Read more of this story at Slashdot.
That moment when you physically hurt your ear by mashing your cellphone up against it in a futile bid to hear the person on the other end. That’s the very moment that RIM‘s gunning to make history with its latest patent, which was filed way back in November of 2007 but just granted today. The BlackBerry-maker’s patent describes an adjustable acoustic speaker output “based on an estimated degree of seal of an ear about a speaker port” — effectively a system where the volume can automatically increase if a handset jostles further from your ear. Not surprisingly, the description details “at least one touch sensor” used for detecting the distance between one’s ear and the device, and the connecting method of adjusting the audio depending on what information the sensor picks up. We’re guessing folks who walk and talk would be keen on taking advantage, but then again, you could just walk around with a Bluetooth headset on. (Keyword being could, not should.)
Research In Motion downplayed their new ‘BeBold’ campaign Tuesday following a wave of negative reactions from the Internet.
And can he save the BlackBerry brand?
The leadership is changing at Research in Motion Ltd., the Canadian company behind the iconic but troubled BlackBerry. Co-CEOs (and cofounders) Jim Balsillie and Mike Lazaridis announced that they were stepping down on Sunday, after 20 years at the top, to make way for a new chief, Thorsten Heins, formerly the company’s COO. And boy does Heins have his work cut out for him. RIM’s grip on the smartphone market has been eroding—it lost 75 percent of its value over the last year—with the meteoric ascent of iOS and Android. (A recent international service outage didn’t help matters.)
commentary The resignations of co-CEOs Mike Lazaridis and Jim Balsillie and appointment of insider Thorsten Heins may not be drastic enough to help the ailing handset maker.
For a brief moment, I had hopes that RIM had made a move that would unseat it from the funk it’s been sitting in for years. And then I watched the introductory video of newly-appointed CEO Thorsten Heins. Anyone who assumes that a simple CEO swap is the answer to all of RIM’s issues is woefully misinformed, or worse, just blinded by false hope. Sure, removing Jim Balsillie and Mike Lazaridis — both of which have been rightly criticized for not responding to market pressures quickly enough — is a start, but it’s not like they’re gone. In fact, the two are still situated at a pretty fancy table within Research in Motion’s organizational chart.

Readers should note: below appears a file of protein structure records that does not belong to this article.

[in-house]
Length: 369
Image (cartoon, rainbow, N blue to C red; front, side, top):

Have a listen at this: Mike is hanging around as the Vice Chair of RIM’s Board and Chair of the Board’s new Innovation Committee. You heard right — the guy who has outrightly failed to innovate at anything in the past handful of years is now championing an innovation committee. Sounds right up his alley, no? Jim’s staying put as an outright director, and if you think anyone at RIM is going to brush aside the input of the founders, you’re wrong. Jim and Mike may have new titles, but they’re still here, and I have no reason to believe that they’ll act radically different going forward than they have in the past. Oh, and about Thorsten Heins? Let’s go there.
Jim Balsillie and Mike Lazaridis to resign their positions in the as profits decline and investor disappointment grows.
It’s possible that Google’s existing Apps for Business customers will use the search giant to manage devices. A crowded field just cringed.
The picture for RIM isn’t all dreary, especially outside of North America where RIM’s BlackBerry Messenger IM service is popular and young users are drawn to its new smartphones.
Research In Motion this week revealed a limited-time offer that aims to bolster sales of its BlackBerry PlayBook tablet to enterprise customers.
Customers who buy two BlackBerry PlayBooks will get a third one free, in what one analyst says is an effort by Research In Motion to boost flagging sales.
Developers at the BlackBerry DevCon in San Francisco on Tuesday gave Research In Motion high marks for laying out a clear operating system strategy and standing by its PlayBook tablet.
Reaction was somewhat positive to Research in Motion’s compensation offer to its customers after last week’s global BlackBerry outage that lasted as long three days for some users.